Canada's Competition Bureau recently released a Backgrounder explaining the results of its review of the acquisition by Superior Plus LP of various propane assets of Irving Oil Limited/Irving Oil Marketing Limited. Notwithstanding acceptance by the Commissioner of Competition that the acquisition would result in efficiencies, the Commissioner forced Superior to divest itself of certain Irving propane-storage assets to another Newfoundland competitor.
Timeline and Remedy
In December 2007, the Bureau concluded that the transaction would likely prevent or lessen competition substantially in the retail supply of propane in Central and Western Newfoundland for commercial and industrial use. A consent agreement was registered with the Competition Tribunal in May, 2008, requiring Superior to divest two bulk propane storage tanks and a tank truck in the relevant markets, and to permit Irving customers to terminate certain supply agreements without penalty1. Superior signed an agreement to sell the divested assets to North Atlantic Petroleum (NAP) on October 2, and the divestiture was completed on January 23, 2009.
The Bureau's concerns were confined to the effects on the retail sale of propane for commercial and industrial use (about 80% of total propane use in Newfoundland). The Bureau was not concerned about propane for home or motor fuel use because of provincial regulation of retail prices for these uses. The Bureau examined two relevant geographic markets: Western and Central Newfoundland.
The only remaining competitor in Central Newfoundland was in fact NAP, which although active, had no propane storage assets in the market. The merging parties were the only competitors in Western Newfoundland. The Bureau found that new competitive entry into either market was unlikely within its two-year window for analysis.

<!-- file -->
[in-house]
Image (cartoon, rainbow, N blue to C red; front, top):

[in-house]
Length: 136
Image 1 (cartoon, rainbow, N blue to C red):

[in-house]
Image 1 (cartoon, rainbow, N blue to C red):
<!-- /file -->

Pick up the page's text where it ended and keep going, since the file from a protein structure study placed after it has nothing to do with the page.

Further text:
The Bureau concluded that Superior's post-merger market position would have allowed a significant unilateral exercise of market power in both markets. In Central Newfoundland, the Bureau also found the potential for coordinated effects due to the presence of a number of facilitating factors, including a degree of price transparency, frequent purchases by many small users, and multi-market competition between competitors. While the Backgrounder acknowledges that these factors continue to be present with the required sale of assets to NAP, it takes the view that coordination is now materially less likely.
The Backgrounder indicates that NAP's purchase of the divested assets represented an opportunity to significantly increase its presence in Central Newfoundland and to enter the business in Western Newfoundland. The Backgrounder does not address why, in view of NAP's significant upstream position (NAP has the only oil refinery in the province) and its retail propane operations in Eastern and Central Newfoundland, NAP would have been unwilling to enter the business in Western Newfoundland, absent acquisition of the divested assets.
Superior and Irving provided the Bureau with detailed efficiencies claims that were considered by the Bureau and external experts during the review of the transaction. Although the Bureau agreed that efficiency gains would likely arise from the transaction, it concluded that such gains would not likely be sufficient to offset the effects of any substantial lessening or prevention of competition within the meaning of section 96 of the Competition Act.